“The Studio Habits of Mind is a protocol to help students take themselves more seriously.”–Diane Wang, 4th grade teacher, Jefferson School, San Leandro
What does it mean for students to take ‘themselves’—their artistic and academic practices—‘more seriously’? How can we as artists and cultural workers help students become agents in their own growth and learning? These are questions educators face every day.
I hope you all had a productive week meeting your students and preparing them for a rigorous semester of critical thinking and service learning through the arts. Please introduce your students to your project by sharing your understanding goals with them. Making your goals transparent helps students make the connections between the why (purposes), the what (knowledge and forms), and the how (methods). Use your inquiry questions as discussion or reflection prompts to quickly assess students’ experience and knowledge and any cultural or academic misconceptions. This formative assessment can act as a compass for texts, discussions, and hands-on experiences you might need to build in to support students’ prior knowledge. Also, share your own learning as you tackle your own research. By making your learning visible, you model how to create a culture of critical thinking in the classroom—we are ALL learners.
Our Studio Thinking in Practice blog is the hub of our academic learning community while your project blogs are action spaces to present and discuss “the work.” In the hub, our focus is on three areas of study: understanding and applying the Studio Habits of Mind; implementing culturally responsive pedagogies; and reading and responding to critical service-learning texts to increase awareness of social justice in education. Here’s the protocol: I or a guest blogger will post an article and a reflection prompt every other week. Please read the article and write a comment within 7 days. We want to create an online discussion among both CCA Faculty and Partner Instructors to share and exchange ideas and resources. If you would like to make a post or submit an article, just email me and we’ll work it in.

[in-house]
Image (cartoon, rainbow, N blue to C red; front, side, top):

Our first reading is: Studio Thinking: How Visual Arts Teaching Can Promote Disciplined Habits of Mind by Ellen Winner, Dr. Lois Hetland, Shirley Veenema, Kim Sheridan, and Patricia Palmer. Found in your binder, the article provides a background on the research that led to the creation of the Studio Thinking Framework. Please think about and comment: In your project, which Studio Habits (SHoM) will you develop with your students? How do you plan to introduce the SHoM to your students and in what ways will you use the Studio Thinking Framework to build critical thinking skills and collaborative practice?
On your own blog, please post who/what your partnership will accomplish and anything relevant to your collaboration thus far. Do you have an expert yet? If so, who is it?
Lastly, I want to introduce a new collaborator at Mission High who will be working with Lauren Elder’s Home Grown: Art in the Environment class to create a garden and mural. MaryAnn Brooks is co-teaching the social studies class and works with Pie Ranch, a farm in Pescadero that supports youth development and sustainability. MaryAnn, please feel free to introduce yourself in your post.
Look forward to a discussion about where you are with implementing the 8 Studio Habits.